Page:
As part of the Alabama Broadcasters Association’s Engineering Academy Continuing Education Series I have begun laying out a series of fundamental tutorials. Here I write on Understanding Digital Audio Levels, Analog vs. Digital Levels — the dBFS Scale.
Digital audio levels are measured differently than analog audio levels. Audio levels in digital are measured in dBFS (decibels relative to full scale).
The highest possible level in digital equipment is 0 dBFS. All other measurements expressed in terms of dBFS will always be less than 0 dB (negative numbers). 0 dBFS indicates the digital word (representing the analog waveform) with all digits = “1,” the highest possible sample.
The lowest possible sample is (16-bit audio): 0000 0000 0000 0001, which equals –96 dBFS. The addition of each bit to the word-length doubles the number of values that can be expressed. 20 log 2 = 6.02. The “6-dB-Per-Bit-Rule” is an approximation for calculating the actual dynamic range for a given word width.
In “real-world” signal processing, quantization is the process by which a number is approximated by a number of finite precision. For example, during analog-to-digital conversion, an infinitely variable signal voltage is represented by a binary number with a fixed number of bits. The difference between two consecutive binary values is called the quantization step, or quantization level. The size of the quantization step defines the effective noise floor of the quantized signal.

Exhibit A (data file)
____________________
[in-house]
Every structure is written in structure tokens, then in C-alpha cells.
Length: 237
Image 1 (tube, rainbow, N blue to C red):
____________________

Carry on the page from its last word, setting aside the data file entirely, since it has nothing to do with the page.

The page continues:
A quick estimate of maximum dynamic range capable of being represented by a given word length is dynamic range ~= number of bits x 6 dB.
Therefore the dynamic range for 16-bit system is 96 dB. For 20-bit digital audio it is 120 dB. For 24-bit digital audio it is 144 dB.
The digital world has caused questions about audio level and reference. Considering that we now have an absolute maximum level known as 0 dBFS, it makes sense to calibrate all equipment such that when 0 dBFS occurs at the mixing console, every additional, or downstream piece of gear should be set to match the 0 dBFS level. In this manner, we can faithfully know that the entire system is calibrated, and matched to the output of the mixing console.
As for a nominal operating level the recommended practice is to utilize –12 dBFS as the reference. This would be to observe dynamic peak levels to land at the –12 dBFS indication, thereby leaving 12 dB of headroom for the system. Assuming 0 dBFS is to be at the highest audio level before clipping occurs, which corresponds to an analog level of 24 dBu, +4 dBu is the same as –20 dBFS.
While this is generally accepted as the range of digital audio, it is not a hard standard. When digital audio values are converted back to analog, some digital audio equipment provides level selections to shift the analog output levels of 0 VU to –18 dBFS or –14 dBFS.
Lowering the dBFS relationship increases the audio sound levels output from the D/A converter.
I welcome comments and suggestions about this article plus other technical areas of interest that you would like to have covered. All issues of this series can be found here.
Larry Wilkins is the academy director for the ABA Engineering Academy.